This Thursday England embark on a summer of Test cricket which they should dominate. The visitors, firstly Sri Lanka, followed by Pakistan, are refreshing their squads, suffering a lack of long form cricket and as ever, a lack of finances.
Home advantage and a core of senior players, Stuart Broad and James Anderson with the ball and Alastair Cook and Joe Root with the bat, should give England enough advantage, but what is more interesting is the jockeying for position for the other places.
Already the selectors have made changes. The highly-talented James Vince comes in as a direct swap for the unfortunate and very ill James Taylor and Jake Ball is the next seamer to be tried. Both are worthy inclusions and could, indeed should, have long and fruitful international careers.
But is Alex Hales really a Test opener? His looseness just outside off-stump is a delight for opposition bowlers and maybe he would be better served batting at five. There the older ball and less bounce would be less of a threat and his destructive shot-making could take the game away from tiring opponents. Consider in 12 months’ time a middle order of Hales, Jonny Bairstow, Ben Stokes and Jos Buttler. That has firepower and all it needs is a solid top four to terrify the most powerful of bowling line-ups. Cook and Root are world class players and nowhere near retirement so the job for the selectors is to find two or three other top order players. Is Nick Compton really the future? He deserved his chancesbut he is too stilted and too slow for this young, aggressive England side. Occupying the crease is an excellent plan, but runs also need to be scored.Compton crawls along, putting pressure on his partner.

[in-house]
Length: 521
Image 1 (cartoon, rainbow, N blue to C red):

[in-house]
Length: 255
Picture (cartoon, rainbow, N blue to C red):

Sam Robson has started the season superbly for Middlesex and is unlucky to be ignored as is Tom Westley of Essex. Adam Lees of Yorkshire is another who is highly regarded.
This summer is the perfect opportunity to find new players that have the technique, attitude and aptitude to see England through the next five years. Compton at 33 is not the answer.
Trevor Bayliss, the coach, prefers energy and intent at the crease, particularly in the top order. It can come through shot-making or hard running between the wickets. Find them, bed them in and let the middle order destroy and England have a heck of an exciting generation of cricketers.
The selection of Ball is deserved as he has impressed for Nottinghamshire and the Lions in the winter. He is tall, can move the ball and has enough pace. The need for new seamers is obvious considering Anderson and Broad are 34 and 30 respectively this summer, Mark Wood is injured again and Steven Finn is enduring one of his spells of disjointed rhythm. The spin bowling stocks are Moeen Ali and Adil Rashid. This is reasonable rather than good but unless England suffers a sequence of scorching summers the emergence of any outstanding spinner is likely to be an outlier.
England are in a decent place though, and Sri Lanka starting at Headingley should be suitable cannon fodder. They are very young and against Essex last week looked lacklustre at best and woeful at worst. and with the second Test at cold, windy Durham this series could be won very quickly.
The harder challenge will come when Pakistan arrive later in the summer. By then some players will have staked a claim and others fallen by the wayside. It is a summer of discovery for England as they try to find the final pieces of a squad to take on the world’s best over the next three years. The vibrancy and vigour they played with in the World T20 is needed in all their cricket. If they can do that they could prove to be the finest England team of modern times.